Ashraf Johaardien

The critical role played by universities in acquiring and preserving works of national interest for future generations of art makers and art lovers is often underestimated. The same applies to the private sector. Whilst museums in South Africa care for an unknown number of important and valuable collections, and are supplemented and supported by commercial galleries promoting South African artists in the global arena, the substantial contribution by academic and corporate institutions housing collections highlights these bodies as potentially powerful contributors to the cultural milieu of the country, and the important national, continental and global conversations in which we need to be engaged.

In 2017, the partnership between MTN and the University of Johannesburg (UJ) was showcased at the National Arts Festival, Grahamstown (now the National Arts Festival, Makhanda), when the first iteration of the conversation between their two substantive collections was featured on the Festival’s Main Programme, in the form of Shifting Conversations.

As Executive Producer of the Festival at the time I, together with my Artistic Committee, sent out a call for proposals under the theme of ‘disruption’, which centered on the relationship between art and disruption: art as a disruptor of mainstream ways of thinking, and art in response to disruptions to the status quo. Through this process, we considered proposals for compelling, innovative and high-quality works that could serve as catalysts for debate and transformation. In short, we wanted to examine how the arts challenge mainstream ways of thinking.

What you have to do is negotiate where we are. We have mentioned ideology as a focus in the exhibition, but there is also class and race that become evident, and also gender and sexual orientation – all those manifestations of belief systems of ideology I hope come into play too. It’s sort of a snapshot of where we think conversations are shifting and where they might be shifting.

– Johan Myburg

Curated by Johan Myburg and Melissa Goba from the MTN and UJ Art Collections, Shifting Conversations was selected for the Festival’s Main Visual Arts programme, because it explored conversations in response to binaries such as ‘colonised’ and ‘coloniser’ prevalent within the collections of the two institutions. The stated aim of the two guest curators was “to present an open-ended discourse that might invite new or different ways of experiencing art,” which was a perfect fit in terms of the Festival’s theme for that year. In a release about the exhibition, Myburg explained that he and Goba wanted to open a conversation on how one might consider the remnants of the past without obliterating history.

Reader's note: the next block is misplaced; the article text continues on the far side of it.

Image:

Since the MTN Art Collection’s inception in November 1998, it was dedicated to making a contribution towards arts and culture educational development in South Africa. The approximately 1 400-piece art collection, which is housed at MTN’s head offices on 14th Avenue in Fairlands, Johannesburg, consists of original prints, paintings, drawings, sculpture, classical African Art and contemporary art from across the continent by artists from the colonial to post-apartheid and postmodern eras. As part of our mandate to utilise MTN’s Art Collection for educational and social development, the MTN Foundation decided to partner with museums and university galleries to initiate programmes that will not only avail such opportunities, but also develop provenance and investment value for both institution’s art collections.

– Niel Nortjé

In 2018, the MTN Foundation and UJ partnered once again to host the second exhibition in the ‘Conversations’ trilogy of shows. Annali Dempsey from the UJ Art Gallery and Niel Nortjé from the MTN Foundation curated the exhibition, this time with a focus on portraiture and concepts of power: the juxtaposition of power and powerlessness, identity and body politics, perceptions of the ‘other’ and the exotic, memory, and the masks we wear. Included were works by artists such as Gerard Bhengu, Reshada Crouse, Wilma Cruise, PhillemonHlungwani, Maggie Laubser, Judith Mason, George Pemba, Cecil Skotnes, Irma Stern and Edoardo Villa.

This land is my land, this land is your land

From the great Limpopo to Robben Island …(1)